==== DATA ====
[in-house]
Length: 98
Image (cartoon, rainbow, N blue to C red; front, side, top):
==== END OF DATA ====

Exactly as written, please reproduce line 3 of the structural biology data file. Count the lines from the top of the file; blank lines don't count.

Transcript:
Image (cartoon, rainbow, N blue to C red; front, side, top):